General Tips for Sealing Air Leaks in Your House

  • When insulating air leaks, especially in the attic, always use a dust mask or a respirator.
  • When working, wear disposable coverall gloves and a cap.
  • Keep a flashlight nearby when working on air sealing projects.
  • Look for any flaws in your previous insulation, and then seal them with spray foam.
  • Install carbon monoxide (CO) alarms if you don’t already have them installed.
  • Use foam gasket behind electrical outlets and switch plates on the wall.
  • Keep the fireplace damper closed in hot weather.
  • With fire-resistant materials like sheet metal or furnace cement caulk, gaps and cracks around fireplace chimneys, furnaces, and water heater vents may be sealed.
  • Use foam sealant on larger gaps around baseboards and other air leak spots.

Air Seal Your Doors & Windows

Air leakage from windows and doors can significantly affect the atmosphere in your house. Reduce energy loss and AC expenses by caulking the cracks and gaps in your doors and windows. Additionally, choose total window insulation for year-round comfort in an ideal house temperature.

You may air seal your doors and windows in a number of ways:

  • Use Caulk – All air leaks through joints and cracks that are less than one inch apart between stationary components are sealed by the caulking substance. Apply a thin coating of caulk to all door and window joints using your caulk gun.
  • Apply weather-stripping – Apply adhesive-backed foam weather stripping to the sash of double-hung windows to seal up air leaks. To close any openings, the foam will contract. Long lengths of weather-stripping should be used to close gaps around doors between the door and side door sills.
  • Use Spray foam insulation – This type of insulation that fills in all the nooks and crannies and minimizes heat loss.
  • Install draft stoppers – They fill in a large gap where the lower window sash meets the sill.
  • Use draft guards – Place them at the bottom of the door to prevent air leakage.

Seal Up the Wall

Check the cracks and holes in the wall where air can enter after you have dealt with the doors and windows.

  • Install foam gaskets – Use them around gaps around electrical outlets and light switches.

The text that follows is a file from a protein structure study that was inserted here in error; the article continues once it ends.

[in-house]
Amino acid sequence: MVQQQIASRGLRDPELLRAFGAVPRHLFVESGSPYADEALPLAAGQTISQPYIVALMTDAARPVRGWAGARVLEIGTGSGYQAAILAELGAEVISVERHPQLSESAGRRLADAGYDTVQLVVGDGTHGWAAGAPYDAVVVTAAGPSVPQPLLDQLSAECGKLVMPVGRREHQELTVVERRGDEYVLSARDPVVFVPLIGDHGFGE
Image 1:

• Use child proof plug covers – Install them around your unused outlets to prevent cold air from coming in.

Seal Air Leaks in the Attic

Your home loses a lot of heat from air leaks in the attic. Despite having attic insulation done, certain gaps might develop over time and start to let air in. Your home's comfort can be improved by air sealing the attic and reducing significant air leaks.

  • Use foam and caulk to seal small gaps – Expanding foam can be used to plug minor gaps around electrical boxes and to seal breaches around plumbing vents and cables.
  • Seal around furnace flues – The area around a chimney, water heater flue, or furnace entrance can be a significant source of air leaks. Lightweight aluminium flashing and specialised high-temperature caulk should be used to seal these gaps. Be cautious while handling furnace flues since they can get quite hot.
  • Seal air leak around the chimney – The smallest distance required by the construction codes—2 inches—between the wood frame and the chimney can be a significant source of air leakage. To close this gap, combine metal flashing and caulking.
  • Fix open cavities – Open spaces in the floor framing behind the sidewalls or knee walls are common in finished attics. For sealing open cavities, stiff foam board sealed with spray foam works fairly well.
  • Replace recessed lights – Your attic may heat up and develop ice dams in the winter from a 6-inch hole drilled into the ceiling to hang an incandescent light. Furthermore, air leaks may come from this space. Replace your outdated recessed lights with airtight, insulated can models to solve the problem.

Seal the Basement & Crawl Spaces

As cold air lowers, leaks in the basement and crawl areas allow it to enter your house. Your HVAC system has to work harder as a result, making it challenging to keep the thermostat at the ideal setting.

  • Seal & insulate around rim joists – Where the foundation is covered by the house framing, air leaks might occur. This rim joist perimeter framework contains several voids that might let water seep through. Seal the rim joist voids at the top and bottom. Caulk may fill gaps and cracks that are ¼ inch and less. Fill big gaps with spray foam. After air sealing, use fibreglass batts or rigid foam insulation to insulate each cavity.
  • Basement wall – Fill any noticeable gaps in the basement walls with silicone caulk. Fill holes around wall penetrations, such as those surrounding electrical wires, plumbing pipes, and vents, with low-expansion polyurethane foam. Use of caulk or spray foam is not recommended if the walls are built of stone and mortar. Instead, clear these areas of any loose debris and seal them with mortar.
  • Basement ceiling – Large ceiling holes should be filled in with rigid foam, plywood, or drywall, and the edges should be sealed with caulk or spray foam.

Seal Your Ductwork

The ductwork has to be sealed, but most homeowners don't realise how important this is to increasing your home's energy efficiency. Your home's ducts are responsible for distributing hot and cold air, and if they are cracked, cooled air may easily seep out. As a result, getting the temperature you want will be challenging.

  • DIY method – It comprises sealing the leaks using foil tape and applying duct mastic to the joints. Fiberglass insulation is then used to completely enclose the ducts.
  • Professional method – Professionals use a liquid rubber sealant blower to seal the ductwork from the inside. All of the air-leaking cracks and holes are sealed off by this.

One of the most energy-efficient improvements you can do to your home for better savings is locating and sealing air leaks. So, start gathering the necessary supplies, get out your flashlight, and begin the air sealing process!